The first reason for me was that there’s already a well tested tool that does what I want. I could find or write a tool to read these values from a single file (I’ve used shell scripts and custom Django scripts to do this), of course. The second issue is that it ends up being simpler in the end working with many little files. The file system protects against accidental duplication which is one nice feature.

It’s also easier to manage remotely and that’s ultimately the winner for me. I mentioned using Heroku, and while most of the projects I work on are not on Heroku, I covet the CLI-based control I have when I’m working on something else. Especially with configuration.

heroku config

I want that everywhere! And with Fabric coupled with envdir, we can do it.

fab production config
fab staging config.set:DEBUG=False

The solution below, which would be the contents of fabfile/ in a project fabfile module, makes great use of envdir’s simple storage layout to read and update configuration values. A sister module, services includes some simple tasks to manage application services and here you assume that services.restart causes any affected services to reload the configuration.

from fabric.api import task, run
from fabric.context_managers import cd, hide
from fabric.state import env

from fabfile import services

def list():
    """Lists the environment variables for the app user"""
    with hide('running', 'stdout'):
        with cd(env.config_dir):
            environment = {
                var: run("cat {}".format(var))
                for var in run("ls").split()

    longest_key = max([len(i) for i in environment.keys()]) + 1
    padding = 30 if longest_key < 30 else longest_key
    print_str = "} ".format(padding)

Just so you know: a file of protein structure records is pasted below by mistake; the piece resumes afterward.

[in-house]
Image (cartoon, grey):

for var in sorted(environment.keys()):
        print(print_str.format(var, environment[var]))

def set(**kwargs):
    """Add one or more shell variables to the app environment"""
    with hide('running', 'stdout'):
        with cd(env.config_dir):
            for var, value in kwargs.items():
                run("echo '{0}' > {1}".format(value, var))

def remove(*args):
    """Remove configuration variables from the app environment"""
    success = 0
    with hide('running', 'stdout'):
        with cd(env.config_dir):
            envvars = [var for var in run("ls").split()]
            for env_key in args:
                if env_key not in envvars:
                    print("No such variable {0}".format(env_key))
                run("rm {0}".format(env_key))
                success += 1
    if success:

Constraints and alternatives

If you have multiple servers, you’re going to have keep multiple copies of the configuration set. Fabric will run against multiple machines of course, but the script here may be insufficient for doing just that. For instance you’d probably want to know if a value was not set on one server or failed to remove on another, etc.

Some of you reading this may be nodding and thinking, ah, “If only he knew about etcd or consul!” I do, and while they look like really fine tools, they’re really geared toward cloud deployments. Not just deployments on cloud servers, but large multi-server deployments in which new nodes are created and destroyed like our hopes and dreams. With one or two servers it’d still be useful but it’d also be yet-another-service. Let’s keep it simple for the simple cases.

Originally published December 2015